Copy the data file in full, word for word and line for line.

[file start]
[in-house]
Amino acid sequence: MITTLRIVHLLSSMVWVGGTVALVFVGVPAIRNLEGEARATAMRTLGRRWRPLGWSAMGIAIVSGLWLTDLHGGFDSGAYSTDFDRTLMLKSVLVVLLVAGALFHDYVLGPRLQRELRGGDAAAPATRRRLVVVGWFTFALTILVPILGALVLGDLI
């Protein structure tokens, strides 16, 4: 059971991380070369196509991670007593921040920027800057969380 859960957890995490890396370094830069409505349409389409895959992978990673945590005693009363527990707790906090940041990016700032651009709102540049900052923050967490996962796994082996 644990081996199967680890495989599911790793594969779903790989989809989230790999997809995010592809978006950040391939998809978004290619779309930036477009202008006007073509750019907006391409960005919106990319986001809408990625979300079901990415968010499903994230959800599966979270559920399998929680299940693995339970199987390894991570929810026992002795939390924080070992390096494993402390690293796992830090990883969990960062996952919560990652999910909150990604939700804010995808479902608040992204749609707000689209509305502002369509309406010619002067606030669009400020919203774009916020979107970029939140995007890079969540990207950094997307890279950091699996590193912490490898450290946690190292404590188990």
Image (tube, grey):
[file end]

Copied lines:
[in-house]
Amino acid sequence: MITTLRIVHLLSSMVWVGGTVALVFVGVPAIRNLEGEARATAMRTLGRRWRPLGWSAMGIAIVSGLWLTDLHGGFDSGAYSTDFDRTLMLKSVLVVLLVAGALFHDYVLGPRLQRELRGGDAAAPATRRRLVVVGWFTFALTILVPILGALVLGDLI
């Protein structure tokens, strides 16, 4: 059971991380070369196509991670007593921040920027800057969380 859960957890995490890396370094830069409505349409389409895959992978990673945590005693009363527990707790906090940041990016700032651009709102540049900052923050967490996962796994082996 644990081996199967680890495989599911790793594969779903790989989809989230790999997809995010592809978006950040391939998809978004290619779309930036477009202008006007073509750019907006391409960005919106990319986001809408990625979300079901990415968010499903994230959800599966979270559920399998929680299940693995339970199987390894991570929810026992002795939390924080070992390096494993402390690293796992830090990883969990960062996952919560990652999910909150990604939700804010995808479902608040992204749609707000689209509305502002369509309406010619002067606030669009400020919203774009916020979107970029939140995007890079969540990207950094997307890279950091699996590193912490490898450290946690190292404590188990």
Image (tube, grey):